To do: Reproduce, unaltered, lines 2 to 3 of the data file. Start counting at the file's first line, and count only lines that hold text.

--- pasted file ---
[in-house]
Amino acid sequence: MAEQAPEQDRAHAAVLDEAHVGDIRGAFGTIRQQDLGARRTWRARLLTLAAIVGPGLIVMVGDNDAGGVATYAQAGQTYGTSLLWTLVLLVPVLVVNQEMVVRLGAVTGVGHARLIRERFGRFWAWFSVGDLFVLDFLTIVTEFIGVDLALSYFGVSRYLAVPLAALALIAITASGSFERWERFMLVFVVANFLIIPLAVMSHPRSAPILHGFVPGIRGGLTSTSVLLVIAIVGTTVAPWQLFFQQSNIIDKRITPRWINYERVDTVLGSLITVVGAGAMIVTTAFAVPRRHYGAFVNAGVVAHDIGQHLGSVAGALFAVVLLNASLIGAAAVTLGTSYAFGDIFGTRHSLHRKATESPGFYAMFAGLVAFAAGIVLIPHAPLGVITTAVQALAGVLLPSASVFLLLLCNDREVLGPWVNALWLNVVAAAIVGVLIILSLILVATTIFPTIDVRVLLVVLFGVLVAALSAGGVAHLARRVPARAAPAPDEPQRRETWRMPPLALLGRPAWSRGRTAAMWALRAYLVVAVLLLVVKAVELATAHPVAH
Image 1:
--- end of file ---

Amino acid sequence: MAEQAPEQDRAHAAVLDEAHVGDIRGAFGTIRQQDLGARRTWRARLLTLAAIVGPGLIVMVGDNDAGGVATYAQAGQTYGTSLLWTLVLLVPVLVVNQEMVVRLGAVTGVGHARLIRERFGRFWAWFSVGDLFVLDFLTIVTEFIGVDLALSYFGVSRYLAVPLAALALIAITASGSFERWERFMLVFVVANFLIIPLAVMSHPRSAPILHGFVPGIRGGLTSTSVLLVIAIVGTTVAPWQLFFQQSNIIDKRITPRWINYERVDTVLGSLITVVGAGAMIVTTAFAVPRRHYGAFVNAGVVAHDIGQHLGSVAGALFAVVLLNASLIGAAAVTLGTSYAFGDIFGTRHSLHRKATESPGFYAMFAGLVAFAAGIVLIPHAPLGVITTAVQALAGVLLPSASVFLLLLCNDREVLGPWVNALWLNVVAAAIVGVLIILSLILVATTIFPTIDVRVLLVVLFGVLVAALSAGGVAHLARRVPARAAPAPDEPQRRETWRMPPLALLGRPAWSRGRTAAMWALRAYLVVAVLLLVVKAVELATAHPVAH
Image 1: